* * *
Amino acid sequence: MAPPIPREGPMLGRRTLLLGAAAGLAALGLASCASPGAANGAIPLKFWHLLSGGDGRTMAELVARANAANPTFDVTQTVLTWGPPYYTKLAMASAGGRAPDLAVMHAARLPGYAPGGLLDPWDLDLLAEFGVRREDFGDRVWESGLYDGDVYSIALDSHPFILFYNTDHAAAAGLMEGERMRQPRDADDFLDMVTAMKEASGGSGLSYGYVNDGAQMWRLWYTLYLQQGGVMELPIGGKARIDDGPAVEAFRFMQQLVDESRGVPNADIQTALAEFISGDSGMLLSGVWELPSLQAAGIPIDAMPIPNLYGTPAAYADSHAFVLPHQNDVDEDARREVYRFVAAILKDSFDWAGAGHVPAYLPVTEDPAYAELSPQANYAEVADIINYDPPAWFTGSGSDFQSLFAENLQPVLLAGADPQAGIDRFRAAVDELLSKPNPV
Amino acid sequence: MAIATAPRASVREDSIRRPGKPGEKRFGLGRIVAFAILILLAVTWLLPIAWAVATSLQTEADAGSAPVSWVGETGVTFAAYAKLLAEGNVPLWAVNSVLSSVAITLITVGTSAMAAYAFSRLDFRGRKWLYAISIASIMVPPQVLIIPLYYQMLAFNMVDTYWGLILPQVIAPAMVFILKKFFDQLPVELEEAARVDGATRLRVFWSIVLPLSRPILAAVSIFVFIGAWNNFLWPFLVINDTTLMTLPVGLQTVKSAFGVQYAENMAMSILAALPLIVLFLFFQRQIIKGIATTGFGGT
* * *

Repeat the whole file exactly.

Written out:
Amino acid sequence: MAPPIPREGPMLGRRTLLLGAAAGLAALGLASCASPGAANGAIPLKFWHLLSGGDGRTMAELVARANAANPTFDVTQTVLTWGPPYYTKLAMASAGGRAPDLAVMHAARLPGYAPGGLLDPWDLDLLAEFGVRREDFGDRVWESGLYDGDVYSIALDSHPFILFYNTDHAAAAGLMEGERMRQPRDADDFLDMVTAMKEASGGSGLSYGYVNDGAQMWRLWYTLYLQQGGVMELPIGGKARIDDGPAVEAFRFMQQLVDESRGVPNADIQTALAEFISGDSGMLLSGVWELPSLQAAGIPIDAMPIPNLYGTPAAYADSHAFVLPHQNDVDEDARREVYRFVAAILKDSFDWAGAGHVPAYLPVTEDPAYAELSPQANYAEVADIINYDPPAWFTGSGSDFQSLFAENLQPVLLAGADPQAGIDRFRAAVDELLSKPNPV
Amino acid sequence: MAIATAPRASVREDSIRRPGKPGEKRFGLGRIVAFAILILLAVTWLLPIAWAVATSLQTEADAGSAPVSWVGETGVTFAAYAKLLAEGNVPLWAVNSVLSSVAITLITVGTSAMAAYAFSRLDFRGRKWLYAISIASIMVPPQVLIIPLYYQMLAFNMVDTYWGLILPQVIAPAMVFILKKFFDQLPVELEEAARVDGATRLRVFWSIVLPLSRPILAAVSIFVFIGAWNNFLWPFLVINDTTLMTLPVGLQTVKSAFGVQYAENMAMSILAALPLIVLFLFFQRQIIKGIATTGFGGT